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Late season grayling

October 11, 2016 3 min read

Some of my earliest fly fishing in the late 1960s was for the grayling of the Yorkshire Rivers. Their beauty, wildness & unpredictability make them my favourite fish. Whilst much of my grayling fishing is done on small becks & my local chalk stream, I do occasionally fish bigger rivers in the UK & Europe.

David Southal Driftfield Beck

Winter Grayling

In winter conditions I often opt for French / Euro / Czech nymphing with a 2 or 3 weight rod from 10 to 12’ long teamed up with a micro-nymph line to which is attached 12’ from the butt of a French leader tapering from 0.5mm to 0.3mm, then 18” of bicoloured copolymer indicator (0.3mm) that has been run between thumb nail & forefinger to give it an open twist (not as tight as a Curly Whirly indicator). The final bit is a tippet of 0.13mm, 1.5 to 2x the water’s depth. I often fish a single weighted nymph/bug where club rules only allow a single fly.

However, where possible I fish 2 flies with a heavy point fly & a smaller lighter fly on a dropper about 18” above. It’s amazing how often a size 18 or 20 nymph on the dropper out fishes the point fly making me wonder is it the size or the increased mobility that appeals to the fish? On my local chalk stream there have been many instances when I’ve watched big grayling studiously ignore big flies only to succumb to a size 20 to 24 nymph or midge pupa.

David Southal Driftfield Beck


Tenkara is my preferred technique in waters where I can wade close enough to the fish & where high flows & big fish do not risk breakages. My Tenkara set up involves a Hi-vis Orange, 0.285mm Fluorocarbon line 5’ shorter than the rod to which is attached about 5’ of tippet. If light conditions are poor I’ll sometimes attach a small cylinder of bright yellow or pink indicator foam to the junction between fluorocarbon & tippet.

With both set ups I cast upstream at about 45 degrees & as I track the rod, keeping light tension on the line I hold the line & indicator off the water to minimise drag from the faster surface water, watching the line end or indicator for any slight sign of a take. Once the flies are well downstream, allowing them to finally lift with the current, I flick them back upstream on a slightly different line.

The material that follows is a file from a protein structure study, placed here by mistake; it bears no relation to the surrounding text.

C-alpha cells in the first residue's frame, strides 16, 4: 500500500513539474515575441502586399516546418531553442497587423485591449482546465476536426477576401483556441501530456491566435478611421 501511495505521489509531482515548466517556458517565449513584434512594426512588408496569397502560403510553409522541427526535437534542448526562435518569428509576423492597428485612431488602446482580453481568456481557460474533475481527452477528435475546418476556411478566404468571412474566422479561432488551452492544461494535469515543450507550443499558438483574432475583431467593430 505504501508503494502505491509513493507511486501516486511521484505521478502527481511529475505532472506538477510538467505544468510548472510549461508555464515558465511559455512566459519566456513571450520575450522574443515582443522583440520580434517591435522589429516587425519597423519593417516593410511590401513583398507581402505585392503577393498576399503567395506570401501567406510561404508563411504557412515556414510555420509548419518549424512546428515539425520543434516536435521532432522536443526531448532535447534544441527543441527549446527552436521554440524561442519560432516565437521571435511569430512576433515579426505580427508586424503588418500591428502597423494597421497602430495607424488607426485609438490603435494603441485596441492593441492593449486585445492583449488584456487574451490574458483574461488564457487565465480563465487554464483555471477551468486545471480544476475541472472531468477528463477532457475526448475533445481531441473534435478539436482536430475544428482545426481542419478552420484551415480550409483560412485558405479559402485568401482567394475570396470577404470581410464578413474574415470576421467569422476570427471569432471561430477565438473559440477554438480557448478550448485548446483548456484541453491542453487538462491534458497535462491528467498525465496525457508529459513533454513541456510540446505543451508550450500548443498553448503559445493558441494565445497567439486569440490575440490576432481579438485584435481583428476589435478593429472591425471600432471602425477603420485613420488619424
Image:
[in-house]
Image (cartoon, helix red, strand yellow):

Many fish are caught during the lower half of the drift, particularly as the flies start to lift. Fly-weight is critical as the fish are usually close to the riverbed & I constantly change flies if I’m not occasionally tapping bottom.

David Southal Driftfield Beck

Both the above set ups give me the option to quickly change to a dry fly if the opportunity arises such as a brief February or early March hatch of Large Dark Olives. It only takes seconds to remove the nymphs/bugs & attach a size 18 CdC IOBO Humpy or Shuttlecock. Alternatively sometimes at dusk, even on a cold day, tiny Midges return to the water to egg-lay & a size 24 CdC Midge can tempt a riser or two.

At one time I only fished 3 or 4 subsurface grayling patterns, believing that presentation was 99% of the game but sight-fishing for chalk stream grayling has taught me that there are times when the fish can be very fussy about fly choice. I now carry a range of flies, my favourites being Shrimps (mainly pinkish & orange), Bead-head Partridge & Hare’s Ear Spiders, Utah Killer Bugs (orange & pink), Squirmy Worms (red & pink) & size 18 or 20 Bead-head Nymphs (black & pink beads).

David Southal Driftfield Beck

This video is 1 of 94 casting tutorials explaining everything from basic set ups to master level casts

Fundamentals | Starting to Fly Cast

The basics of tackle
Language of casting
Sensory awareness


Fundamentals | Understanding Fly Tackle

Fly line weights, lengths & tapers
Rod lengths & weights
Leaders & tippet
Tackle to practise with


Fundamentals | Overhead Casting

How to hold a fly rod
Circles 8's & straights
Remove all slack
Plane of the Cast
Triangle Method
Overhead Cast
Stop & Drop
Retrieving the Line
High Back Cast
Breaking The Wrist
Shooting the line
Loop Shape
Slipping the Line
Stroke Length
The Forward Delivery
The Shelf
Drift Versus Breaking the Wrist
Backslash Forwardslash
Speed Ramp
Body Movement


Fundamentals | Double Haul

Intro to the Double Haul
Tackle for the Double Haul
Single Haul
Double Haul
Double Haul Fast Track
Cast Trajectory
Late Haul
Hauling Grip
Double Haul for Accuracy
Line Trays
Offset Alignment Guides


Fundamentals | Taking it to the Water

The Lift
Pick Up & Lay Down Cast
Roll cast
Energy of a Roll Cast


Advanced | Spey Casts

Intro to Spey Casting
Switch Cast
45 Degree Single Spey
Backhanded Cast
90 Degree Single Spey
90 Degree Snake Roll
45 Degree Snake Roll
90 Degree Double Spey
The Running Mouse
The Silent Spey
45 Degree Double Spey
45 Degree Snap T
90 Degree Snap T
45 Degree Circle Spey
90 Degree Circle Spey
Body Movement
Spey Cast Hauling
Beating Obstructions Spey


Advanced | Beating the Wind

Tail Wind
Head Wind
Side Wind


Master | Mends

Upstream Downstream Mends
Curve Mends
Reach Mends


Master | Pick Ups

Corkscrew Pick Up
Snap Pick Up
Roll Cast Pick Up
Double Spiral Pick Up
Snap Pick Up Variation
Aerial Spey
Cast Stringing


Master | Accessory Casts

Casting Big Flies
Feed Cast
Free Snag Cast
Snap Cast